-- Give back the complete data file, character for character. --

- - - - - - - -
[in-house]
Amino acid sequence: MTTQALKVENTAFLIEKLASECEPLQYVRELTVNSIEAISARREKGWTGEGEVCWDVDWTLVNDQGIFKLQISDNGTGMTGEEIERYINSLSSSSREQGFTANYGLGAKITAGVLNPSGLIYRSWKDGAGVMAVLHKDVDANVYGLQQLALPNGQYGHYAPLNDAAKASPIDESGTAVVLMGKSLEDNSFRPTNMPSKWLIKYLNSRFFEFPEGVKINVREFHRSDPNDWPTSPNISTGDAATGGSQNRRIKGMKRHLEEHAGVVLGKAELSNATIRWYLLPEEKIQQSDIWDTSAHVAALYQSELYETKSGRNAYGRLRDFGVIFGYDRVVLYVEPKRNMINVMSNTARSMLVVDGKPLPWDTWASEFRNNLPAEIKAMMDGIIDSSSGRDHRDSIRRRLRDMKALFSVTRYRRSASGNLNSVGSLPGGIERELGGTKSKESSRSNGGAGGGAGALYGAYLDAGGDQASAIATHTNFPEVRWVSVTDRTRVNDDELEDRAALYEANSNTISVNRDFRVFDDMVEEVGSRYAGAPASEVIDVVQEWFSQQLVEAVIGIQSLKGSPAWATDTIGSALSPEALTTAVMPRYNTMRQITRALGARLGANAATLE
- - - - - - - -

[in-house]
Amino acid sequence: MTTQALKVENTAFLIEKLASECEPLQYVRELTVNSIEAISARREKGWTGEGEVCWDVDWTLVNDQGIFKLQISDNGTGMTGEEIERYINSLSSSSREQGFTANYGLGAKITAGVLNPSGLIYRSWKDGAGVMAVLHKDVDANVYGLQQLALPNGQYGHYAPLNDAAKASPIDESGTAVVLMGKSLEDNSFRPTNMPSKWLIKYLNSRFFEFPEGVKINVREFHRSDPNDWPTSPNISTGDAATGGSQNRRIKGMKRHLEEHAGVVLGKAELSNATIRWYLLPEEKIQQSDIWDTSAHVAALYQSELYETKSGRNAYGRLRDFGVIFGYDRVVLYVEPKRNMINVMSNTARSMLVVDGKPLPWDTWASEFRNNLPAEIKAMMDGIIDSSSGRDHRDSIRRRLRDMKALFSVTRYRRSASGNLNSVGSLPGGIERELGGTKSKESSRSNGGAGGGAGALYGAYLDAGGDQASAIATHTNFPEVRWVSVTDRTRVNDDELEDRAALYEANSNTISVNRDFRVFDDMVEEVGSRYAGAPASEVIDVVQEWFSQQLVEAVIGIQSLKGSPAWATDTIGSALSPEALTTAVMPRYNTMRQITRALGARLGANAATLE